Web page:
I am going to add the Um Al Maradim Class of missile attack craft to my do list of models. The Kuwaiti Navy 8 of these missile attack craft have been built by Construction Mecaniques de Normandie (CMN)
The Um Al Maradim Class of missile attack craft have been built for Kuwait by Construction Mecaniques de Normandie (CMN) at their Cherbourg shipyard. The craft are based on CMN’s Combattante I design.Kuwait has ordered eight of the class. The eight are: Um Al Maradim (P3711), Ouha (P3713), Failaka (P3715), Maskan (P3717). Al Ahmadi (P3719), Al Fahaheel (P3721) and Al Yamook. The first vessel was commissioned in July 1998 and the last in June 2000.
CMN’s Combattante range of fast attack craft includes the most recent designs – Combattante IM, Combattante V, VII and VIII and Combattant BR70M. The Combattante IM features a new combat system configuration with an unmanned aerial vehicle.
The Combattante BR70 multi-role corvette has surface and air warfare capability, with a close-in weapon system, point defence missile system, long-range and short-range surface-to-surface missiles, torpedoes, a medium-size helicopter and two unmanned aerial vehicles.
The Combattante I fast attack craft for Kuwait are 42m long and 8.2m wide. The fast attack craft uses a steel hull construction and the full load displacement is 245t.
COMMAND AND CONTROL
The combat data system is the Tavitac, supplied by Thales (formerly Thomson-CSF). The system provides automatic correlation and identification of data provided by the tactical Y Link and the boat’s sensor suite. The combat data system carries out automatic threat evaluation and weapon assignment, target designation, and hard and soft kill coordination.
The vessel’s optronic weapon director is the Najir Mark 2 supplied by Sagem Défense Sécurité (formerly EADS Defence & Electronics) of Les Ulis in France.
The attack craft are armed with two twin launchers for the MBDA (formerly Matra BAe Dynamics) Sea Skua surface-to-surface missiles, mounted on the aft deck. The Sea Skua missile has semi-active radar homing, speed of Mach 0.9 and a range of 15km.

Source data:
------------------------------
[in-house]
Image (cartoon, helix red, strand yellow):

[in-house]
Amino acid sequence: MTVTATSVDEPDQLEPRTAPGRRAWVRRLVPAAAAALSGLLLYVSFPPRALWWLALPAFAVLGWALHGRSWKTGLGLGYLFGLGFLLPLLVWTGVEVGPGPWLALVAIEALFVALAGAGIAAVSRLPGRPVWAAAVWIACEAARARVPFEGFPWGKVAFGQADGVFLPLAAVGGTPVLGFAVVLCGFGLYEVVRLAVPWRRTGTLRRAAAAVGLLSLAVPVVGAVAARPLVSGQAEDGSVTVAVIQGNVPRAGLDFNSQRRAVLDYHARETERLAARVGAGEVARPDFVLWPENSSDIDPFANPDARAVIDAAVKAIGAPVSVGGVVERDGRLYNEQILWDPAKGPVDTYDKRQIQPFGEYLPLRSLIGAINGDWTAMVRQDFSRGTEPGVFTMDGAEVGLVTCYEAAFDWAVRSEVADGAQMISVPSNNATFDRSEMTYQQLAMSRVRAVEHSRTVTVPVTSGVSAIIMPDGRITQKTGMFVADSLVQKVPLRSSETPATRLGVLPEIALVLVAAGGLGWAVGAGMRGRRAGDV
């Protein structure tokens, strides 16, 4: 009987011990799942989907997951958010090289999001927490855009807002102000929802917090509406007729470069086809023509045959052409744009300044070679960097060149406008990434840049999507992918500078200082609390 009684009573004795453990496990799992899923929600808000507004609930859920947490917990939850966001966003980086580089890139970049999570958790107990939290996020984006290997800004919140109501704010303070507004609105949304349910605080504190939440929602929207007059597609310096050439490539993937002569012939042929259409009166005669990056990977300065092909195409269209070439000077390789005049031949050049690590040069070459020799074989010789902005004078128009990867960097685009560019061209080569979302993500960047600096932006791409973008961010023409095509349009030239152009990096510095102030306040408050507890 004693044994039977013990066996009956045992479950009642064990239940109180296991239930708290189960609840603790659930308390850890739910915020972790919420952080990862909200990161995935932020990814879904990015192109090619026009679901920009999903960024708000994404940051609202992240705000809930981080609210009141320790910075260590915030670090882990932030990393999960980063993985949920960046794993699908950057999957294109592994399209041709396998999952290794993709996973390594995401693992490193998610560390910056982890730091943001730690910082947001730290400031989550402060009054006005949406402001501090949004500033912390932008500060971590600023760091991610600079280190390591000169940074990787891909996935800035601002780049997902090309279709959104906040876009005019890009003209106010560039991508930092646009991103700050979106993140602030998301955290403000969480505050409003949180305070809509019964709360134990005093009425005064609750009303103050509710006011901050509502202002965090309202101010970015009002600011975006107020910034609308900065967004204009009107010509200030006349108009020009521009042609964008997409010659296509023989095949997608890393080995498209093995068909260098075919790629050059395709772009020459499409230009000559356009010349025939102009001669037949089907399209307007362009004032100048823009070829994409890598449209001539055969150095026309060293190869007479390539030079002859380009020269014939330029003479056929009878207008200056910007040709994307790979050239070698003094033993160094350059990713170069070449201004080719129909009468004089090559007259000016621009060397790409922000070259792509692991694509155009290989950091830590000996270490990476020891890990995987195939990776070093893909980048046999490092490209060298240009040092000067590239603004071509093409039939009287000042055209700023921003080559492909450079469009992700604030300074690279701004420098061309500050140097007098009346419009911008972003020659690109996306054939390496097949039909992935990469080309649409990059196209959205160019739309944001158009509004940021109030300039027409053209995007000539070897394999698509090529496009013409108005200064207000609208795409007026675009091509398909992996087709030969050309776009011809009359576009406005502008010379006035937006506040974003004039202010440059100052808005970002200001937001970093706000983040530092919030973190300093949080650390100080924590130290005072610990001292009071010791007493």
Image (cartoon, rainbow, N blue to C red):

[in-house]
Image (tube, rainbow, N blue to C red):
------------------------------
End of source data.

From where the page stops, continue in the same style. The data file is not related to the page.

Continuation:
The craft can be fitted with the Simbad twin launcher, supplied by MBDA, for the Mistral surface-to-air missile. Mistral provides short-range air defence against fixed-wing and rotary-wing aircraft and anti-ship missiles. Mistral’s range is from 0.5km to 5km and speed is Mach 2.6. The missile has a 3kg warhead and infra-red seeker.
The vessel’s main gun, the Oto Melara 40mm gun, is installed on the bow deck. The Giat type M621 20mm gun is mounted at the stern and there are also two 12.7mm general purpose machine guns.
The vessels are equipped with the Thales DR-3000 S radar warning receiver operating in D to K bands. The system uses a combination of omni-directional antennas and directional monopulse masthead antenna arrays and provides a directional accuracy of better than 1° for targeting.
“The crafts are armed with two twin launchers for the MBDA Sea Skua surface-to-surface missile.”
The ship’s radar jammer is the Salamandre developed by Thales Optrosys based in Saint Claud, France, which is used to counter hostile I-, H- and J-band surveillance radars and missiles equipped with radar seekers.
The ship can be fitted with two Sagem Défense Sécurité (formerly EADS Defence & Electronics) Dagaie decoy launchers. The Dagaie system deploys long-range chaff and infra-red decoys for confusion and distraction mode jamming.
The boat’s BAE SYSTEMS Seaspray fire control radar is mounted at the top of the main mast. Thales MRR 3D air and surface search radar, operating at E and F bands is installed on the radar platform at the top of the radar tower. The Racal I-band navigation radar is installed on the front of the radar tower.
The propulsion system is based on two 2.94MW diesel engines supplied by MTU with two water jet systems developed by KaMeWa AB of Sweden. The patrol boat is capable of a maximum speed of 30kt. At an economical speed of 15kt, the range is over 1,300 miles.